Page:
Harry and Louise backing Hillary
Health-care sector, once a critic of then-first lady's plans for reforms, now lavishing contributions on senator.
NEW YORK (CNNMoney.com) -- The health-care industry, once a fierce critic of then-first lady Hillary Clinton's reform plans for the sector, is now lavishing campaign contributions on the U.S. senator ahead of her expected presidential bid.
According to Center for Responsive Politics, a non-partisan group that tracks campaign finance filings, Clinton has received $781,112 in contributions from the health-care sector during the current election cycle, which makes her the No. 2 recipient of funds from that sector, behind only Sen. Rick Santorum, R-Pa., who received $977,354.
Clinton, the only Democrat to be in the top five in total donations from the sector, is also the No. 1 senator in terms of donations from nurses and health professionals, and the No. 2 recipient of donations from employees of hospitals and nursing homes, as well as insurance companies.
The center's Web site shows that the sector is not the top contributor to Clinton. Donations from lawyers, retirees as well as Wall Street, real estate and the entertainment industries have all topped her contributions from health care. She is also the No. 1 recipient from each of those sectors.
Partly because of her expected presidential campaign, Clinton is the top recipient among members of Congress.
The New York Times reports that while there are still some doubts about her in the health-care industry, some in the industry are making contributions in case she is elected president. The newspaper reports that William R. Abrams, the executive vice president of the Medical Society of the State of New York, is one of her fundraisers in the sector, even though he is a Republican.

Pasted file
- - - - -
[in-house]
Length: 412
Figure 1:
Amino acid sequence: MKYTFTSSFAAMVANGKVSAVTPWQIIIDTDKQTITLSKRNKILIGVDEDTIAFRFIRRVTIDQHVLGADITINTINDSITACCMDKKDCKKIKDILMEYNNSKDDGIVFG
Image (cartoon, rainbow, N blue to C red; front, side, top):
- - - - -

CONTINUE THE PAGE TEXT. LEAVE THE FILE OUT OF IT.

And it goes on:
Frederick H. Graefe, a health-care lawyer and lobbyist in Washington for more than 20 years, told the Times in a report published Wednesday that, "People in many industries, including health care, are contributing to Senator Clinton today because they fully expect she will be the Democratic presidential nominee in 2008.
"If the usual rules apply," Mr. Graefe said, early donors will "get a seat at the table when health care and other issues are discussed."
The figures from the Center for Responsive Politics' Web site shows Clinton has she has raised $39.2 million through March 31, in the current election cycle, while her top Republican opponent, John Spencer, has raised only $1.8 million. Santorum, locked in a much tougher election this year, has raised $18.3 million, making him Congress' No. 2 recipient.
Clinton was named by her husband, President Bill Clinton, to lead a task force early in his administration that recommended universal health care, minimum coverage requirements and potential limits on health-care spending increases.
The legislation was beat back by a strong lobbying effort by the health-care industry, including commercials featuring a fictional couple, "Harry and Louise," which mocked the plan and stirred fears of government interference in families' health-care decisions. It was credited with playing a role in the Democrats' loss of their congressional majority in the 1994 elections.
But since she was elected to the Senate in 2000, she has made an effort to reach out to the sector, and she has admitted errors in her earlier approach.
"Now as we all remember, I sought, along with my husband and his administration 12 years ago, to address the challenges that we saw in our health-care system. I still have the scars to show from that experience," she said in a speech in March to the American Medical Association. "And it is fair to say the AMA and I did not always see eye to eye. That's probably an understatement. And all I can say is thank goodness for the Hippocratic Oath."
She is a co-sponsor of legislation to promote the adoption of health information technology, which has the strong support of the industry. Her co-sponsor of that legislation is Senate Majority Leader Bill Frist, a physician. And she has introduced a bill to lower the cost of malpractice insurance for doctors who disclose medical errors to patients.
Related: Clinton's support on Wall Street.